“Co-creation with problem solvers”: Not all investments are neatly packaged in the impact investing space and sometimes investors and companies work together to create innovative solutions and financial mechanisms. One example of this dynamic is a recent partnership between PensionDenmark and Ørsted, a Danish energy firm, on a renewable energy project. Ørsted was beginning to transform itself from fossil fuels to renewables. PensionDenmark shared their sustainability interests, while they also wanted to diversify their assets away from equity and bond markets after the 2008 crisis. The two entities created a joint venture that allowed PensionDenmark to mitigate their risk through price support, profit sharing, and by only converting their initial construction loan to equity after the project became fully operational. Active investors with capital have the freedom and flexibility to work closely with innovative partners from ideation to execution. Although this example involves a large fund, many family offices are ideally positioned to leverage their capital and knowledge to form active impact investment partnerships.
Reallocating to impact investing through intermediaries: Large multi-family offices around the world are expanding their strategies into impact investing in cooperation with their families. Waterfield is a globally recognized and connected MFO in India that views their impact investing as an extension of their long-held view of purpose driven-wealth. They see two entry points into impact investing for their wealth owners: a journey from philanthropy to social venture capitalism and a journey from commercial venture capitalism to social venture capitalism. In most cases, expectations of returns and their priority (i.e., impact first or returns first) are dependent on the point of entry. However, most of our families clearly view impact investing as an investment strategy and consequently expect their investments to give them risk-adjusted, market-rate returns. An example impact investment began when they were approached by a veteran philanthropist that wanted to increase her impact by leveraging investment capital to create a sustainably invested pool that would generate returns, which would be ploughed back into impact investing and philanthropy. Waterfield assisted in easing her entry into the private equity and venture capital space, including by the head of their alternative investments team working with her and her team on risk-return expectations and allocation. They formulated a structure that divided the allocation into three separate investment branches – impact funds, direct investments into impact enterprises within sectors of interest, and investments into hybrid social finance models. With an allocation in place, we worked with veteran impact fund managers to help narrow the focus down to specific sectors. The team also sourced and evaluated direct deals and hybrid social finance models. They continue their support by scanning the ecosystem to proactively identify and evaluate deals to ensure that she has access to a constant stream of experts and content to allow for continued opportunities.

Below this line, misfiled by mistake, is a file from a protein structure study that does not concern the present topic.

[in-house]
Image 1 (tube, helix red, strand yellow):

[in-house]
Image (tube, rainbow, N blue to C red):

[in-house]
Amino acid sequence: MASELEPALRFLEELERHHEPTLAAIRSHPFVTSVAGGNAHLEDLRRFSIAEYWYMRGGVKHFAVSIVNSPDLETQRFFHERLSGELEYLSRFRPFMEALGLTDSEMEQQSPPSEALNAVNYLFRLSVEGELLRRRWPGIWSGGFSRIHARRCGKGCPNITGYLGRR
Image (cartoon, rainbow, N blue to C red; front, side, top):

Philanthropy-led Impact Investing: North-East’s interest in impact investing came as an outgrowth from their families’ philanthropic activities. In conversation with their family members, they started asking questions about how they could create investment opportunities in direct support of philanthropic objectives. North-East concentrates on both the intentionality and the additionality of their impact investments. The majority of the impact investments of their families are carried out through philanthropic structures to support their philanthropic objectives. They focus on topics where a market dynamic can generate scalable solutions to an issue, e.g., in the area of environmental sustainability or social enterprises. The investments are usually early-stage, higher-risk and require more internal resources in relation to the funds allocated as compared to other investments. This family office approaches impact investments similar to their grants-based partnerships, with the impact as the main objective, but with a clear assessment of the investment potential as well. North-East benchmarks the investment potential through its opportunity cost: what return could it generate from allocating the funds to other investments with a similar risk profile? What impact could be generated by allocating the funds as a grant? They then utilise both their philanthropic and investment competencies throughout due diligence, the structuring process, and the investment’s lifespan. They conduct the impact investments in close collaboration with their families.